SUPREME COURT OF THE STATE OF NEW YORK Appellate Division, Fourth Judicial Department
October 9, 2009
THE PEOPLE OF THE STATE OF NEW YORK,
Appeal from an order of the Oneida County Court (Charles C. Merrell, A.J.), entered September 29, 2008.
PRESENT: SCUDDER, P.J., MARTOCHE, PERADOTTO, CARNI, AND GORSKI, JJ.
MEMORANDUM AND ORDER
(APPEAL NO. 1.)
The order dismissed the indictment.
It is hereby ORDERED that the order so appealed from is unanimously modified on the law by reinstating the third count of the indictment and reducing that count to falsifying business records in the second degree (Penal Law § 175.05) and as modified the order is affirmed, and the matter is remitted to Oneida County Court for further proceedings in accordance with the following Memorandum: The People appeal from an order dismissing the indictment against defendant in its entirety. With respect to the first count of the indictment, charging defendant with grand larceny in the third degree (Penal Law § 155.35), based on Lien Law § 79-a (1) (b), we reject the People's contention that the evidence before the grand jury was legally sufficient to support that count. Pursuant to Lien Law article 3-A, "a general contractor who receives funds on a project holds the funds as a trustee and if the contractor applies or consents to the use of those funds for any purpose other than valid trust purposes, he or she is deemed to have diverted trust funds and may be guilty of larceny for failure to pay trust claims within 31 days of the time the claim is due" (People v Miller, 23 AD3d 699, 700, lv denied 6 NY3d 815; see §§ 70, 71, 79-a ). We conclude that the People failed to present evidence to the grand jury establishing that the specific funds received by defendant from the owner for whom he was building a house were used for any purpose other than for the trust purposes (see § 79-a ; see generally Miller, 23 AD3d at 700). With respect to the second count of the indictment, charging defendant with offering a false instrument for filing in the first degree (Penal Law § 175.35), we note that, according to the order on appeal, that count was withdrawn.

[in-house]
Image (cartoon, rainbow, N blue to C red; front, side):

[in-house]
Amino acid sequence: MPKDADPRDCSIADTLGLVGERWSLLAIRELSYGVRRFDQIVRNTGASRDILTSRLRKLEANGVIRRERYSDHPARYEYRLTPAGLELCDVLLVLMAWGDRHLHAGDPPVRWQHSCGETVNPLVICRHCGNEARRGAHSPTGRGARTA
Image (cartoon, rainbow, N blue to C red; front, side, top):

With respect to the third count of the indictment, charging defendant with falsifying business records in the first degree (Penal Law § 175.10), we conclude that the evidence before the grand jury was legally insufficient to support that count. Nevertheless, we conclude that the evidence before the grand jury was legally sufficient to support the lesser included offense of falsifying business records in the second degree pursuant to either subdivision (1) or (2) of section 175.05. The evidence established that defendant crossed out the proper name of his company on a draft version of a confession of judgment and wrote in the name of his prior business, which no longer existed. He thereafter signed the final version of the confession of judgment in the name of the prior, nonexistent business. "A person is guilty of falsifying business records in the second degree when, with intent to defraud, he [or she] . . . [m]akes or causes a false entry in the business records of an enterprise; or . . . [a]lters . . . a true entry in the business records of an enterprise" (§ 175.05 , ). We conclude that the confession of judgment, which evidenced a debt of defendant's company owed to another company for construction materials, constituted a business record, i.e., a writing "kept or maintained by an enterprise for the purpose of evidencing or reflecting its condition or activity" (§ 175.00 ; see generally People v Bloomfield, 6 NY3d 165, 170). Viewed in the light most favorable to the People, the confession of judgment signed by defendant in the name of his prior business, " 'if unexplained and uncontradicted, would warrant conviction [of falsifying business records in the second degree] by a petit jury' " pursuant to either subdivision (1) or (2) of section 175.05 (People v Bello, 92 NY2d 523, 525, quoting People v Jennings, 69 NY2d 103, 114). We therefore modify the order by reinstating the third count of the indictment and reducing that count to falsifying business records in the second degree, and we remit the matter to County Court for the People to specify the subdivision of section 170.05 to which the third count of the indictment relates and, as so specified, for further proceedings with respect to that count.
Patricia L. Morgan Clerk of the Court
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